24 CFR § 905.108 - Definitions.
The following definitions apply to this part:
1937 Act. The term “1937 Act” is defined in 24 CFR 5.100.
Accessible. As defined in 24 CFR 8.3.
ACC Amendment. An Amendment to the ACC to reflect specific changes made to a PHA's public housing inventory or funding. An ACC Amendment may be a Capital Fund ACC Amendment, a Mixed-Finance ACC Amendment, a Capital Fund Financing ACC Amendment, or other form of amendment specified by HUD.
Additional Project Costs. The sum of the following HUD-approved costs related to the development of a public housing project, which are not included in the calculation of the Total Development Cost (TDC) limit, but are included in the maximum project cost as stated in § 905.314(b). Additional project costs include the following:
(1) Costs for the demolition or remediation of environmental hazards associated with public housing units that will not be rebuilt on the original site; and
(2) Extraordinary site costs that have been verified by an independent state-registered, licensed engineer (e.g., removal of underground utility systems; replacement of off-site underground utility systems; extensive rock and/or soil removal and replacement; and amelioration of unusual site conditions, such as unusual slopes, terraces, water catchments, lakes, etc.); and
(3) Cost effective energy-efficiency measures in excess of standard building codes.
Capital Fund Annual Contributions Contract Amendment (CF ACC). An amendment to the Annual Contributions Contract (ACC) under the 1937 Act between HUD and the PHA containing the terms and conditions under which the Department assists the PHA in providing decent, safe, and sanitary housing for low-income families. The CF ACC must be in a form prescribed by HUD, under which HUD agrees to provide assistance in the development, modernization, and/or operation of a low-income housing project under the 1937 Act and the PHA agrees to modernize and operate the project in compliance with all Public Housing Requirements.
Capital Fund Program Fee. A fee that may be charged to a Capital Fund grant by the PHA to cover costs associated with oversight and management of the CFP by the PHA Central Office Cost Center (COCC). These costs include duties related to general capital planning, preparation of the Annual Plan, processing of the Line of Credit Control System (LOCCS), preparation of reports, drawing of funds, budgeting, accounting, and procurement of construction and other miscellaneous contracts. The CFP fee is the administrative cost for managing a Capital Fund grant for a PHA subject to asset management.
Community Renewal Costs. Community Renewal Costs consist of the sum of the following HUD-approved costs related to the development of a public housing project: planning (including proposal preparation); administration; site acquisition; relocation; demolition of - and site remediation of environmental hazards associated with - public housing units that will be replaced on the project site; interest and carrying charges; off-site facilities; community buildings and nondwelling facilities; contingency allowance; insurance premiums; any initial operating deficit; on-site streets; on site utilities; and other costs necessary to develop the project that are not covered under the Housing Construction Cost (HCC). Public housing capital assistance may be used to pay for Community Renewal Costs in an amount equivalent to the difference between the HCC paid for with public housing capital assistance and the TDC limit.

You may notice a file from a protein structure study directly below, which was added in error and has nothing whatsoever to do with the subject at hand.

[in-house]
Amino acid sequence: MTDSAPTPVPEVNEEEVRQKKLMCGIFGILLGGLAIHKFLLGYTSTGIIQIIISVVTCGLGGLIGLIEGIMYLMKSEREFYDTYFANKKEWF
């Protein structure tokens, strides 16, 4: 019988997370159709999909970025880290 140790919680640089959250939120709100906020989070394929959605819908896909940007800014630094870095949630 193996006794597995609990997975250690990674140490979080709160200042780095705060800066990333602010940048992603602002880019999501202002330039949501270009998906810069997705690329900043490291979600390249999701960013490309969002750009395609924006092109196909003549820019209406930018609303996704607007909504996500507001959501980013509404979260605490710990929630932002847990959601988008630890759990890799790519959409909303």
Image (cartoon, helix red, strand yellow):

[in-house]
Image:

Cooperation agreement. An agreement, in a form prescribed by HUD, between a PHA and the applicable local governing body or bodies that assures exemption from real and personal property taxes, provides for local support and services for the development and operation of public housing, and provides for PHA payments in lieu of taxes (PILOT).
Declaration of Restrictive Covenant. The Declaration of Restrictive Covenant is a legal instrument that binds the PHA and the Owner Entity to develop mixed-finance projects in compliance with Public Housing Requirements and restricts disposition of the property, including transferring, conveying, assigning, leasing, mortgaging, pledging or otherwise encumbering the property.
Declaration of Trust (DOT). A legal instrument that grants HUD an interest in public housing property. It provides public notice that the property must be operated in accordance with all public housing federal requirements, including the requirement not to convey or otherwise encumber the property unless expressly authorized by federal law and/or HUD.
Emergency work. Capital Fund related physical work items that if not done pose an immediate threat to the health or safety of residents, and which must be completed within one year of funding. Management Improvements are not eligible as emergency work and therefore must be covered by the CFP 5-Year Action Plan before the PHA may carry them out.
Energy audit. A systematic review of the energy requirements and consumption for property with the intent to identify potential opportunities for energy and water savings through improved operational efficiency or more efficient components.
Expenditure. Capital Funds disbursed by the PHA to pay for obligations incurred in connection with work included in a CFP 5-Year Action Plan that has been approved by the PHA Board of Commissioners and HUD. Total funds expended means cash actually disbursed and does not include retainage.
Federal Fiscal Year (FFY). The Federal Fiscal Year begins each year on October 1 and ends on September 30 of the following year.
Force account labor. Labor employed directly by the PHA on either a permanent or a temporary basis.
Fungibility. As it relates to the Capital Fund Program, fungibility allows the PHA to substitute work items between any of the years within the latest approved CFP 5-Year Action Plan, without prior HUD approval.